If you're a console gaming fan, like I am, you probably remember where you were when the name and specifics of Nintendo's Wii follow-up were announced. I was in a Starbucks on the morning of June 7th, a few hundred feet from the Nokia Theater where Nintendo was holding its press conference. I also remember exclaiming out loud something to the effect of, "That's really what they're calling it? Wii U? No. NO!"
I started to make judgments in my head immediately. The controller looked like an iPad. The name was just weird. My hopes were a bit dashed that this new hardware was going to be as great as many were hoping. I was hoping that I'd get to see a little bit of it during our KmartGamer session with Nintendo, but I'd already registered a first impression.
It would be proven wrong.
We were introduced to Wii U in a locked room. When I was able to touch and interact with the Wii U controller for the first time, I saw a lot of potential that wasn't there with the initial announcement. The controller may look awkward or heavy to hold, but it isn't. The screen was capable of some pretty sharp video output, and seeing the Legend of Zelda demo running on the television screen—and then seamlessly moving to the Wii U controller's screen—was remarkable. Being able to adjust the lighting on the fly demonstrated the impressive nature of the visuals, and removing the heads-up display from the main game screen and instead using the controller's screen was a great idea. It felt like a console version of the Nintendo DS experience, and the possibilities that ran through my head regarding what Wii U could do quickly added up.
The highlight of the gameplay session that we had was with Chase Mii. A cross between hide-and-seek and early maze game ideas, Chase Mii supports up to five players. The player with the Wii U controller gets a short headstart and runs into the distance, using the map on the controller screen to see the locations of the other players and an overhead lay of the land. The other four players have to find and chase down the Wii U player, using on-screen distance cues while watching the screen to see if a glimpse of the escaping player can be had. There is a Power Star power-up that the Wii U player can obtain to make him or her invincible and run faster, but getting that power-up can be dangerous if pursuers are waiting there. It's reminiscent of the Care Packages in the Call of Duty games; if you get one, it can be a huge boost… but don't think that opponents aren't there waiting for you. The game ends when either the Wii U player is caught, or if that player eludes capture for a set period of time. It's deceptively fun and addictive; each of us on the KmartGamer team had a try with the Wii U controller and we all seemed to be in agreement that our initial judgments about the Wii U were off-base.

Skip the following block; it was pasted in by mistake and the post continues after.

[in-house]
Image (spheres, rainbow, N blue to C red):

Although I came away impressed with the technology, there are still major questions about the Wii U that can only be answered as we get closer to the release date for the hardware, which is nebulously scheduled for 2012. The first hurdle to be cleared is pricing, and given that Nintendo CEO Satoru Iwata is on record saying that the Wii U will likely cost more than $250, this is a huge hurdle to clear. The Wii had the distinct advantage of being the cheapest console on the market back in 2006, but will not have the same advantage in 2012 in a more challenging economic climate. There's also the issue to launch software. The stumbles of the 3DS during its launch window should remind Nintendo that strong IPs must be leveraged at launch for the platform to have a chance to succeed, especially given the potentially expensive nature of the hardware. Lastly, there's a question about the Wii U controller itself. If there's only going to be one included, there is uncertainty about how games will adapt to using only one along with some legacy Wii controllers.
The lesson to be learned here, however, is that Nintendo can't be counted out. It's far too easy to make early judgment calls and be completely wrong about something, and the Wii U is proof of this. If Nintendo can pull things together and release the platform at a reasonable price that won't scare consumers to the competition, there's a lot of potential here. The trailers show a myriad of possibilities for Wii U, but this promise absolutely needs fulfillment.